We should update or at least evaluate our will annually.  We should also update our wills when our circumstances change.  Somethings that should make you update your will:



1.  You have gotten married, divorced or ended a relationship with your significant other.

2. You have a new child or grandchild in your family whether through birth or adoption.

3.  You have come into a large sum of money through inheritance or some form of settlement.

4. You have purchased a big ticket item such as a home, a car or boat.

5.  You have made new investments whether they are in the stock market, a business or real estate.

These are by no means the only reasons you should update your will.  There are any number of individuals reasons to do so.  But you get the idea, your will should reflect your current circumstances.  Having a will is smart, having an updated current will is brilliant.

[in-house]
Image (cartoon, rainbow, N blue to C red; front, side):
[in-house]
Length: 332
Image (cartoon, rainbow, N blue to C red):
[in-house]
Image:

A last will and testament is more important than you think

Statics say that 7 out of 10 Americans don’t have  will in place, the reality is that 10 out of 10 of us will need one eventually.

We all have different reasons for why we don’t have a will in place.  It costs too much and we need to spend the money on more important things.  Nothing I own is valuable.  I don’t want to think about dying.

All of us at some point are going to die.  We hope it will be a long way off but we never know when our time is up.  Death is not something reserved for the elderly, it touches all of us no matter the age group we are in.  Accidents, illness. catastrophy and natural disasters have no respect for age.  They will take anyone no matter how young or how old.  This is why we need to have a will in place, to make sure that our wishes are followed and our loved ones are protected from further drama.